Welcome to Adobe Stock! This article lists known issues and limitations not discussed in the Stock documentation.
Use of Stock images on book or e-book covers is allowed if the print run is fewer than 500,000 copies (Adobe Stock limit). Images showing models can't be used in a manner that the models could perceive as offensive. (For example, avoid using images with models on the cover of a steamy romance novel or a book about politics or religion, etc.)
You can't use Adobe Stock images as part of a logo, trademark, or company identity. Typically, individuals and businesses using logos with graphic elements own the copyrights to those graphics. The Stock license grants you the right to use images under certain conditions, but it doesn't transfer copyright. Stock’s contributing artists retain all copyrights to their images.
You might notice that the measurement listed adjacent to an image when you're previewing it is different from the file size of the image. For example, the image measurement might be 4 MP, while the file size is 785 KB. These are two different measurements. Megapixels (MP) describe the pixel dimensions of the image, and kilobytes (KB) or megabytes (MB) measure the size of the file.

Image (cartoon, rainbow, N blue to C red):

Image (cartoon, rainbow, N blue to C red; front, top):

AOL browsers aren't currently supported.
Sometimes Google Chrome doesn't properly display all items on the Stock website. If you have trouble using Chrome, clear your cache and browsing history, or view the Stock website in a different browser.
All Stock images are provided in their highest available resolution. Most images can be used for high-quality printed documents in 300 dpi. Vector files can be printed in all formats without quality loss.
If you're planning to display a Stock image on a website, be aware that the maximum image size allowed to appear online is 2000 pixels by 2000 pixels.
If an image you downloaded appears as an Internet Explorer icon, the image is in SVG vector format. You need Adobe Illustrator in order to work with SVG images. If you don't have Illustrator, download the image as a JPEG.